So here’s a confession: I’m not much into kitchen gadgets. I find that at least 50% of these ‘time saving tools’ are superfluous if you have a good set of sharp knives and opposable thumbs. I’ve been gifted many gadgets over the years that I’ve used once or twice.
My mother-in-law was one of the most saintly women to walk the planet, but an adventurous chef she was not. She stuck close to her Canadian roots. Not familiar with Canadian cuisine? It’s not surprising that no one utters the words, “Let’s order Canadian tonight.”
When my niece, Abigail, was about 4, she declared she was a vegetarian. She saw Charlotte’s Web and couldn’t fathom the inhumanity of consuming Wilbur or any of his barnyard pals. For headstrong Abigail, vegetarianism stuck.
Happy Halloween! This is Part 2 of the Pumpkin Everything Series. This is a perfect meal to serve with salad and bread before Trick-or-Treating, or as a first course at Thanksgiving. I almost always double it, so there’s plenty of leftovers to enjoy later.
This is Part 1 of my Pumpkin Everything Series! Pumpkin’s always been a huge crowd-pleaser in my family. I’ve been making this recipes for over a quarter decade, and today I’m happy to share with with you, my Strawberry Kitchen pumpkin patch pals.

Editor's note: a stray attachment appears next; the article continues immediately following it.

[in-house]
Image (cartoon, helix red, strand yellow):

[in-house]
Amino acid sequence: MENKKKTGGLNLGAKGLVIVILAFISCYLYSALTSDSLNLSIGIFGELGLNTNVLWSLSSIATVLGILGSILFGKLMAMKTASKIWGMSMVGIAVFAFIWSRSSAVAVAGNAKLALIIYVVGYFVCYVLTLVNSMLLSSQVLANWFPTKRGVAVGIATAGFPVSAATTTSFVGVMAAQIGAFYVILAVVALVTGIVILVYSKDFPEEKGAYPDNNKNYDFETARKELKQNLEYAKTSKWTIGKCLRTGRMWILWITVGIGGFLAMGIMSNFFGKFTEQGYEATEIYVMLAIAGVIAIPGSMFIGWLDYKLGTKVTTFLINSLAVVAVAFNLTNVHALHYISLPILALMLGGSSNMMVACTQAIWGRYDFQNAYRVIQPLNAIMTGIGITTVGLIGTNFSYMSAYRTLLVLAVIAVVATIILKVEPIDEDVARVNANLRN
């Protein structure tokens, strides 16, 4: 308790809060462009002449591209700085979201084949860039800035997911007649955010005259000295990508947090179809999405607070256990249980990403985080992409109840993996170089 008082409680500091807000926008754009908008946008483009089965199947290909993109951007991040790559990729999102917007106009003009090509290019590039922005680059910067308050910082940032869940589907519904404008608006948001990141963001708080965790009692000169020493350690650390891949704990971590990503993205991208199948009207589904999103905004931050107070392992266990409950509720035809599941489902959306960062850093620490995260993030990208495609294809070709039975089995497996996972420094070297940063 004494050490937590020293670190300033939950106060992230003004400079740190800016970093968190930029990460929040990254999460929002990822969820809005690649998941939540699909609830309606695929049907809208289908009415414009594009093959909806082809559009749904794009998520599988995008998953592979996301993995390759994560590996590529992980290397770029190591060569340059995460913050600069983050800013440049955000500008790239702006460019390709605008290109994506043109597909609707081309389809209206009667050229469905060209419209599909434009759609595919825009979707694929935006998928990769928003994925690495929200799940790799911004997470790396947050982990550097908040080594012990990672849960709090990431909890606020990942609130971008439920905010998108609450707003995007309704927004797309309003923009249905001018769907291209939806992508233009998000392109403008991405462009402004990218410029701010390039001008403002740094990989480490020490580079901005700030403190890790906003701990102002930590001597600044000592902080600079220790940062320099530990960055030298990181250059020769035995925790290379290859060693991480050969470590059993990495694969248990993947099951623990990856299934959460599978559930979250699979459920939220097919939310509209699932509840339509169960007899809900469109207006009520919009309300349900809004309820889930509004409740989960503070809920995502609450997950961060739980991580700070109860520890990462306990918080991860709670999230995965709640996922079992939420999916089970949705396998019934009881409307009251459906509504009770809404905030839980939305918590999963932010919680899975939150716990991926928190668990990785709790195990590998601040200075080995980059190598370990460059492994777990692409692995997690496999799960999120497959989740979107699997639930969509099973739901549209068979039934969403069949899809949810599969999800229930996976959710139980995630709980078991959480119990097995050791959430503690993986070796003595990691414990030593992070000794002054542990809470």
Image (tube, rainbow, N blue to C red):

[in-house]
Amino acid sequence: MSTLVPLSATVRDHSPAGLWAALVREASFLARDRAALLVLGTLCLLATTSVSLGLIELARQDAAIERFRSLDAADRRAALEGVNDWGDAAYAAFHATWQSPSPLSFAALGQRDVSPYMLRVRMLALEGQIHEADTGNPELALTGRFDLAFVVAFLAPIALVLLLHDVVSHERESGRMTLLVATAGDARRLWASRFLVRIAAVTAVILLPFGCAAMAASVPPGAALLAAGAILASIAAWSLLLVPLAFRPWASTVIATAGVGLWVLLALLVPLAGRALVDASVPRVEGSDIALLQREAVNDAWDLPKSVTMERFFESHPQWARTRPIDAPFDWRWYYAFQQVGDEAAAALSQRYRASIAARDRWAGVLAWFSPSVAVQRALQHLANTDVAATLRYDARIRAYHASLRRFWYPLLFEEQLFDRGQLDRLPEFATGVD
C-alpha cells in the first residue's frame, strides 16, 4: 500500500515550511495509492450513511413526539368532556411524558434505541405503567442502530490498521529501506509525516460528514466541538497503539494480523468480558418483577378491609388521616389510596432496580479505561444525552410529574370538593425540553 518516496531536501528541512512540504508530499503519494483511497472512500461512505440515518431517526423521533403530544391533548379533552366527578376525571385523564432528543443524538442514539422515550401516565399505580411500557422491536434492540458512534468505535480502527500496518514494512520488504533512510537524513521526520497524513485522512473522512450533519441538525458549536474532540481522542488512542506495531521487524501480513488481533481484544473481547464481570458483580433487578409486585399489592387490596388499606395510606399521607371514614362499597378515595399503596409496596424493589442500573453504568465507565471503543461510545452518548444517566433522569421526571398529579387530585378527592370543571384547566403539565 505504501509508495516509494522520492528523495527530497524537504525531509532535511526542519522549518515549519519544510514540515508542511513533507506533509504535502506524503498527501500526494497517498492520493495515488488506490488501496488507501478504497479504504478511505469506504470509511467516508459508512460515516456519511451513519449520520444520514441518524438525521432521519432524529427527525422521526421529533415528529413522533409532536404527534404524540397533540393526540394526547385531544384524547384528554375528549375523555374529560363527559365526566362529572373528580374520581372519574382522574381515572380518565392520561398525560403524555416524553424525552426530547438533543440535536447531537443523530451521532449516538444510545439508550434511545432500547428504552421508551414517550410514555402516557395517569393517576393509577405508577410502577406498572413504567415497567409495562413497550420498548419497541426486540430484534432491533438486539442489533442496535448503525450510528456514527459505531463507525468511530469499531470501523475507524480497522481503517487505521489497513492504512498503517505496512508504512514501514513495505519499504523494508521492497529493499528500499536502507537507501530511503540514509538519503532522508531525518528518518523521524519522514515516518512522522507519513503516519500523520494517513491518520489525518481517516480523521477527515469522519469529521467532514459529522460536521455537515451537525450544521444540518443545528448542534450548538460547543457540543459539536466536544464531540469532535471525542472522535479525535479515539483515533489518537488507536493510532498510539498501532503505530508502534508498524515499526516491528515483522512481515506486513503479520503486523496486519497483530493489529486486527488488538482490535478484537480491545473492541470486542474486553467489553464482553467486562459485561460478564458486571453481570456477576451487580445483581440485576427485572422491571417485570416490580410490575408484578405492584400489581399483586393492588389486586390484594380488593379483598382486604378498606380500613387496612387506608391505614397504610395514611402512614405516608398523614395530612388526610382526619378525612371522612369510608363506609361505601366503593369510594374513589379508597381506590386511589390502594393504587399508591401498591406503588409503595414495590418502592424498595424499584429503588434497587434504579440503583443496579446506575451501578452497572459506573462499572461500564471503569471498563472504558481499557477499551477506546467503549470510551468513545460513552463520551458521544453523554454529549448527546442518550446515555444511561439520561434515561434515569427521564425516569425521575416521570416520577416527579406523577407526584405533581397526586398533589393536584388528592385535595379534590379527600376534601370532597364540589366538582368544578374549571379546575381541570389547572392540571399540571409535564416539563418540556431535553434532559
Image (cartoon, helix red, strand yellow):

Living in Florida, one of the ways I fake fall – or perhaps try to fool Mother Nature into sending us temperatures below 80 degrees – is to make a lot of pumpkin recipes during the last quarter of the year. There are two primary reasons pumpkin appeals to me, other than the flavor.
“Scone” was the first English word I learned when very good fortune landed me in Cambridge, England for the second semester of my junior year in college. It’s truly a miracle I didn’t become a body-double for Boris Johnson after my six months in England.
While it didn’t originate in the Strawberry Kitchen of the 1970s, this recipe for chicken pot pie very well could have, with its tell-tale ingredients of cream of celery soup and canned veggies. Please don’t hold the pedestrian ingredients against it.
In the 1970s, fish was what Catholics ate on Fridays. We weren’t Catholic. On Fridays, my parents would typically load us in the back of the Country Squire wagon and head out to Shakey’s Pizza or Pappy’s Hamburgers before taking in a family-friendly movie at the theater.